We know that Nestology upholstery makes any room better.Read More
Cradled in the rugged, wind-swept mountains of Boone, North Carolina, the facility provides jobs that have not been available in many American towns for decades. We took some time to watch and learn from the master craftspeople.Read More
From the start, it was my goal to buck the trend of less choices by providing more. Rather than offer greige groupings that one sees everywhere, I want my upholstery to allow patrons to get creative as they select the perfect details for their space.Read More
Visit our studio to have a conversation with our sales experts, choose from our fabric and wood samples, and feel the superior construction of pieces made by artisans across the United States. Find your heirloom here - buy local, support artisans, go green.
Our passion for quality and sustainable living really comes to life in our studio as we listen to the wants and needs of our patrons and guide them to the products that best suit them. We take a hands on and empathetic approach to sales - something that can't be executed online.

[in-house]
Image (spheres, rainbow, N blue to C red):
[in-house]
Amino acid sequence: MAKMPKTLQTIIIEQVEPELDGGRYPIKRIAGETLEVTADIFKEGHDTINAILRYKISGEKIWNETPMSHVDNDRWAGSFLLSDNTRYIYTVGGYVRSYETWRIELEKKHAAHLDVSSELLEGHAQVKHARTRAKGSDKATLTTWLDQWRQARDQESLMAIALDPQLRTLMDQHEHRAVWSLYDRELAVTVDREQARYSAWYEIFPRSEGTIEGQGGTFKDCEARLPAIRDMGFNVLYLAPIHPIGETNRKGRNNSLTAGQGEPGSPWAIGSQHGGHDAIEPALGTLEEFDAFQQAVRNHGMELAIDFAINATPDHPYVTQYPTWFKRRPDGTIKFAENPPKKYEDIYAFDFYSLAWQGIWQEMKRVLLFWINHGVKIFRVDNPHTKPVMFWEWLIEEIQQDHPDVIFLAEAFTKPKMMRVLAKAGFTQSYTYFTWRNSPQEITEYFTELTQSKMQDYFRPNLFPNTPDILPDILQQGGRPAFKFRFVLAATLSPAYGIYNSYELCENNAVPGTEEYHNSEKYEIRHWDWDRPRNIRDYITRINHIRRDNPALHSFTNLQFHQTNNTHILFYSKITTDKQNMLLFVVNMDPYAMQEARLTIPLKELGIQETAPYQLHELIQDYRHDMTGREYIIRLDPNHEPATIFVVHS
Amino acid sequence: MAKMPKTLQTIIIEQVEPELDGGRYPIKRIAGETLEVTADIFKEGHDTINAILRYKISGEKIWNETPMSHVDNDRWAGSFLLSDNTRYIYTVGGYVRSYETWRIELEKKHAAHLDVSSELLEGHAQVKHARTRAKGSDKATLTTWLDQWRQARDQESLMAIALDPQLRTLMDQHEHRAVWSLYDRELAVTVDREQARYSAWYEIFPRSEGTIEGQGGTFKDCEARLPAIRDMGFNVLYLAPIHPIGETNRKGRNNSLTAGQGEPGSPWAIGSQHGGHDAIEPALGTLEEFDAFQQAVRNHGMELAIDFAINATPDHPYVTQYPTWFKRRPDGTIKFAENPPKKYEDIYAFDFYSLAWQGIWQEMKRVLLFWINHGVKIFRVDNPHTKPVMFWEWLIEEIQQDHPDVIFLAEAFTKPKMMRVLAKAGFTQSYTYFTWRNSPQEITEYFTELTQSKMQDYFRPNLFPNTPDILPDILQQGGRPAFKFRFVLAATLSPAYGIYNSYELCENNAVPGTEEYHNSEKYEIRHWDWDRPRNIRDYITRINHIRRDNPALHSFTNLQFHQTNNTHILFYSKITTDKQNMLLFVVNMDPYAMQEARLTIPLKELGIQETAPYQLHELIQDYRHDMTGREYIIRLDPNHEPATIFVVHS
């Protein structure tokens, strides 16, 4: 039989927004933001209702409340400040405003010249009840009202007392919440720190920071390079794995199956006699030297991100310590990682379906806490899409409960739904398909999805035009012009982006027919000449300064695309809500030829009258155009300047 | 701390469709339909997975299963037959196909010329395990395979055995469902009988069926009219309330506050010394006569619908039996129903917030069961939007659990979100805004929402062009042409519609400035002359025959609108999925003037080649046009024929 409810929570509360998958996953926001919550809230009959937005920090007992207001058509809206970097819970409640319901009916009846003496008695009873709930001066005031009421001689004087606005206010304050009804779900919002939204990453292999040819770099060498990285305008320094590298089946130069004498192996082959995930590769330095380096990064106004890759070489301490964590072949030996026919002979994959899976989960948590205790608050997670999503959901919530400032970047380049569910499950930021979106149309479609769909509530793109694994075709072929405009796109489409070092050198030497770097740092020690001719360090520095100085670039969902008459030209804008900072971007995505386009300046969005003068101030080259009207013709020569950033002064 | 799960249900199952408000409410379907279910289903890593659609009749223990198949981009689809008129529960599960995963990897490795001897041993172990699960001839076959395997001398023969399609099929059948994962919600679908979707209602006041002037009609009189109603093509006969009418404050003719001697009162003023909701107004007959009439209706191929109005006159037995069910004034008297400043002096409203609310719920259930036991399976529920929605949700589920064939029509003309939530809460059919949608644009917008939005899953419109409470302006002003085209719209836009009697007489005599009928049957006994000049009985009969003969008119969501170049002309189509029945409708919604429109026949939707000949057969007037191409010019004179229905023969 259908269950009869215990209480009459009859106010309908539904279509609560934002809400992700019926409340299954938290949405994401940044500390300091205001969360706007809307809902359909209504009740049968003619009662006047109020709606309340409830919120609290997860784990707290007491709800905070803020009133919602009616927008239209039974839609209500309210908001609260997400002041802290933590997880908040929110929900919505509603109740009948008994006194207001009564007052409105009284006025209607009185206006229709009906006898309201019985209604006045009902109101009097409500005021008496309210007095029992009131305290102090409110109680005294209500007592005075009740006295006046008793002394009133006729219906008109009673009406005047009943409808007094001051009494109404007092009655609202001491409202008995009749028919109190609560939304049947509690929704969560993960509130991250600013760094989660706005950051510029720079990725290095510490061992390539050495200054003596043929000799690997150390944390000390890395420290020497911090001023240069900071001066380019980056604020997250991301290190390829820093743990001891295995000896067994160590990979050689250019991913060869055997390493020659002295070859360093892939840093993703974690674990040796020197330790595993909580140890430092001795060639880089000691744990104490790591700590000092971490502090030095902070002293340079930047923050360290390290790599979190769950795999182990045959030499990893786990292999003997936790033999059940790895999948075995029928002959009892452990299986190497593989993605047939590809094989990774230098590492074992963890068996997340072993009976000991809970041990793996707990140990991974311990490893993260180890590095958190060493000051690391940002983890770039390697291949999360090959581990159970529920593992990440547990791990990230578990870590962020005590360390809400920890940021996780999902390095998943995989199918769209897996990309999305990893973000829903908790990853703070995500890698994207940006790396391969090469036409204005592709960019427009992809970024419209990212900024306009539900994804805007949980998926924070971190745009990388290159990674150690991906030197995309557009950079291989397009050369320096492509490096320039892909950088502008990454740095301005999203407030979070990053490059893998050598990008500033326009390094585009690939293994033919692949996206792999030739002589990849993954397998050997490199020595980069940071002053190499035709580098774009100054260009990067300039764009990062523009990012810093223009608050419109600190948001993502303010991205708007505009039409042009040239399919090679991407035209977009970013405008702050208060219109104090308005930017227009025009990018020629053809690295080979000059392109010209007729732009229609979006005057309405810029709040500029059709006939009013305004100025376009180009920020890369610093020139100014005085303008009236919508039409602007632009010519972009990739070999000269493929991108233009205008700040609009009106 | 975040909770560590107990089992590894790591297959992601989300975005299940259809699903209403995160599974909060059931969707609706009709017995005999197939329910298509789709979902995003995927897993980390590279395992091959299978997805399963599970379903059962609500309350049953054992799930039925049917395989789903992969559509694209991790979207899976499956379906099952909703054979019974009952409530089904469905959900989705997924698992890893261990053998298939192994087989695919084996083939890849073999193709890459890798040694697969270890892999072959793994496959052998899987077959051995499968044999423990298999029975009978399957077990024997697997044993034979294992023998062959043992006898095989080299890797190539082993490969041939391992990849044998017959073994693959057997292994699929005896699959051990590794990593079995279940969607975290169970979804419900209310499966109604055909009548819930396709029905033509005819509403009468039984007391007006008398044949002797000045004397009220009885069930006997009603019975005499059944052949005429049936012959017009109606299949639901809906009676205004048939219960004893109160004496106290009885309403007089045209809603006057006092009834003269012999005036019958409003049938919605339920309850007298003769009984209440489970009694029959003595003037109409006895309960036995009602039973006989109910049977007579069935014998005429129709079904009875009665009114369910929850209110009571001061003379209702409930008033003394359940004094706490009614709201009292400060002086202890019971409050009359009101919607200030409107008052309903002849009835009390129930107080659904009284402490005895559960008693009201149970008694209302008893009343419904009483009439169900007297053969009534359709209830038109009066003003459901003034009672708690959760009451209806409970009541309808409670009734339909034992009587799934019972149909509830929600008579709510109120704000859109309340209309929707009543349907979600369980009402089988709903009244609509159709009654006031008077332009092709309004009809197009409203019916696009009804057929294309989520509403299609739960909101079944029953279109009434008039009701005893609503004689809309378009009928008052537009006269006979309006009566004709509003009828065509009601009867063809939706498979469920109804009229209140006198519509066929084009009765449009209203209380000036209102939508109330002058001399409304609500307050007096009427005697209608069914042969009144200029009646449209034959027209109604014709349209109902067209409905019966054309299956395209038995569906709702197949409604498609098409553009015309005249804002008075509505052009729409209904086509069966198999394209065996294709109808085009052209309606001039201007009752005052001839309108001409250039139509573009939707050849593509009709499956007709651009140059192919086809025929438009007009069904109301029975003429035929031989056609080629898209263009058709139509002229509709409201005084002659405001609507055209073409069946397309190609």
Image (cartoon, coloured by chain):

While competitors both online and regionally want to sell you something right now, here we want to help you select the right thing for a life time. That means we do the research and legwork to present only the best. Direct relationships with makers ensure quality. American artisans guarantee a small carbon footprint and sustainable resourcing. MakeNest staff promises an exceptional fit for the functionality and aesthetic of your home.